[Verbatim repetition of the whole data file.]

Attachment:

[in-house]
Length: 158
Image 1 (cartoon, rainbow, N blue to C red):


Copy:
[in-house]
Length: 158
Image 1 (cartoon, rainbow, N blue to C red):